While index insurance is promoted as an affordable alternative to conventional insurance in developing countries, its value for farmers is rarely assessed. In this note, we suggest a framework to measure index insurance quality and show how this approach can help design and compare insurance products.
The value of an insurance product for a smallholder farmer stems from the protection if offers on her consumption and assets (Figure 1). Indeed from an economic point of view, household welfare is derived from expected consumption over time rather than directly from agricultural income. Smallholder farmers’ consumption volatility is highly related to shocks on income from agricultural production, causing households employ costly coping strategies to try to smooth income and meet minimum levels of consumption. These coping strategies range from “working more” to “selling assets” and “eating less”, depleting physical and human capital and jeopardizing future consumption – in addition to being presently painful. The existence of these costly coping strategies is one of the main rationales for insuring farmers in developing countries.
Because farmers implement coping strategies to reduce the impact of agricultural shocks on consumption (see Figure 1), it is not possible to assess the need for (or the quality of) an insurance product by looking at consumption levels. For that reason, index insurance usually operates at the agricultural production level and insurance quality has to be assessed based on how well insurance payments correlate with agricultural production.
“The value of an insurance product for a smallholder farmer stems from the protection it offers on her consumption and assets.”
More precisely, assessing the quality of an insurance product consists in evaluating, for a given price (premium), the degree of correlation between insurance payments received by farmers and production shocks. Indeed, the cost of the premium, the probability of receiving a payout when experiencing a loss and the amount paid when the index triggers all matter in assessing the value of an insurance product for the client. Evaluating the insurance value is important since at a given price, the quality of the insurance may be too low to be implemented and sold to farmers. Also, developing an agreed measure of the quality of different products allows us to compare them and determine which ones perform better in theory, which ones need to be improved upon, and to what extent takeup can be explained by insurance quality.
Measuring Index Insurance’s Income Stabilization Impact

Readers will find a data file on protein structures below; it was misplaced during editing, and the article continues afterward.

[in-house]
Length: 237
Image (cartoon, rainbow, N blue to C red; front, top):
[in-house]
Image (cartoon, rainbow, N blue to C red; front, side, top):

A simple approach for assessing insurance quality is to consider how well it achieves its income stabilization objective for farmers. Indeed, the objective when paying insurance indemnities to small farmers is that their income reaches a certain level despite having production shocks – and satisfies some consumption needs without depleting their assets. An index insurance product fails entirely when it does not compensate large yield losses and leaves a farmer below a minimum agricultural income level, unable to feed her family, repay her debt, etc.
“The objective when paying insurance indemnities to small farmers is that their income reaches a certain level despite having production shocks.”
Figure 2 presents farmers’ agricultural income without insurance, with a perfect insurance, and with an index insurance. In this note’s examples, we set this target income level at 75% of the historical average agricultural income.
Perfect Insurance Contract
A perfect insurance product would ensure that the farmer always receives at least 75% of her historical average agricultural income and pays a premium that is actuarially fair. In this case, the farmer’s income is slightly lower in the good states of nature (when his yield is higher than 75% of the historical average) because he pays an actuarially fair premium, but is stabilized at 75% of the historical average in bad states of nature (when the yield is lower than 75% of the historical average). This puts a floor on farmers’ income. Figure 2 draws the income received by the farmer without insurance (short-dashed grey line) and with a perfect insurance (solid black line) as a function of the level of yields (in percentage of the historical average).
Index Insurance contract
Index insurance cannot protect farmers as well as a perfect insurance product, but our objective is to build a metric that allows us to compare index insurance products against a perfect product. Specifically, we want to know how far we are from our consumption stabilization objective, and be able to rank different index insurance products based on their ability to stabilize income. The long-dashed black line in Figure 2 draws the expected income per yield level (in % of historical average) for a farmer purchasing an imperfect index insurance product. In this example, in the bad state of nature, the index “makes mistakes” and pays less than required. As a consequence, income is not fully stabilized at the 75% level floor, lowering the value of the index insurance for farmers. In addition, the insurance sometimes pays too much when there are small or no losses, so the index insurance expected income is higher than income with the perfect insurance in the center of the graph. These indemnities received when yields are normal and good are costly: farmers pay higher premium each year to receive these indemnity payments when they don’t need it. This also lowers the value of the insurance for farmers.
“Our objective is to build a metric that allows us to compare index insurance products against a perfect product. Specifically, we want to know how far we are from our consumption stabilization objective, and be able to rank different index insurance products based on their ability to stabilize income.”